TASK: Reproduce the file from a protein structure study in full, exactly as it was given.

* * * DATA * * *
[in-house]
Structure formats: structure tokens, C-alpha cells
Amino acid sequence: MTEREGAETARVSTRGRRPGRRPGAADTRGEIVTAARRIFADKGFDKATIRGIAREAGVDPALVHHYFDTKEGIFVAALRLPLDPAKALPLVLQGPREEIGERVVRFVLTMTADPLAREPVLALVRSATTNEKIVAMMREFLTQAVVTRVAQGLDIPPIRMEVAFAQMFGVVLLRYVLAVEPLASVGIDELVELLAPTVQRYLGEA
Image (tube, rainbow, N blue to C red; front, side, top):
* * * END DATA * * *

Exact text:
[in-house]
Structure formats: structure tokens, C-alpha cells
Amino acid sequence: MTEREGAETARVSTRGRRPGRRPGAADTRGEIVTAARRIFADKGFDKATIRGIAREAGVDPALVHHYFDTKEGIFVAALRLPLDPAKALPLVLQGPREEIGERVVRFVLTMTADPLAREPVLALVRSATTNEKIVAMMREFLTQAVVTRVAQGLDIPPIRMEVAFAQMFGVVLLRYVLAVEPLASVGIDELVELLAPTVQRYLGEA
Image (tube, rainbow, N blue to C red; front, side, top):